By Daniel Griffiths
BBC News, Beijing
A senior official from China's state-run Catholic Church has welcomed a letter from Pope Benedict to the authorities in Beijing.
China's state-run Catholic Church has four million followers
The Pope called on China to respect religious freedoms but also said the Vatican was open to negotiations over resuming diplomatic relations.
China and the Vatican severed ties in the 1950s.
But the official Chinese response to the letter, which was published at the weekend, has not been so positive.
Beijing said it is willing to continue a dialogue with the Vatican, but a government spokesman said the Pope must not interfere in China's affairs in the name of religion.
The deputy head of the Chinese Catholic Patriotic Association, Liu Bainian, told the BBC he hoped the letter would help improve ties between the two.
The letter is the latest twist in a saga that stretches back more than a half a century - to when the two sides broke off diplomatic relations after the Communists came to power.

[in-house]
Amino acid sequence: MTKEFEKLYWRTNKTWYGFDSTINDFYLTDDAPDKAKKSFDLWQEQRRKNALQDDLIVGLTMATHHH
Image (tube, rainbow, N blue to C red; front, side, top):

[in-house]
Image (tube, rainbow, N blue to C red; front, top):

The Vatican wants to resume those ties, but there are big differences:
China has organised its own Catholic Church, which it says has the right to appoint bishops - something the Vatican has always disputed.
China also insists that the Vatican cut its links with Taiwan, which Beijing considers a renegade province.
The state-run Chinese Catholic Church has four million followers. But it is thought that millions more belong to underground organisations loyal to the Vatican.
The Pope's letter may provide hope for some of them, but the reality is that any breakthrough is still a long way off.